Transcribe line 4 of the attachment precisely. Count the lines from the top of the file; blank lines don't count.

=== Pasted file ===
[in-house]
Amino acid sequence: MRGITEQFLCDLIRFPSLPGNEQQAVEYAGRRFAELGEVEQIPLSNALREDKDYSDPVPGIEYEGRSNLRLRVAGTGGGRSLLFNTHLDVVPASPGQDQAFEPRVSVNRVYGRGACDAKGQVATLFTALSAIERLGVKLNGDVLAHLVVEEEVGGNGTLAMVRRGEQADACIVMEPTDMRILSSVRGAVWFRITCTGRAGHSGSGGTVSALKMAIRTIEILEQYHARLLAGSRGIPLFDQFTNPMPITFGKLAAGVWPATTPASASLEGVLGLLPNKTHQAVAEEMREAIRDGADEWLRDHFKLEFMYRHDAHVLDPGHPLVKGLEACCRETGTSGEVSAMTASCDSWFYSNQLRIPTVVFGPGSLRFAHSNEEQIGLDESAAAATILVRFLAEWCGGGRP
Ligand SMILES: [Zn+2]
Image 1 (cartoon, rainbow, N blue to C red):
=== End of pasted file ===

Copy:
Image 1 (cartoon, rainbow, N blue to C red):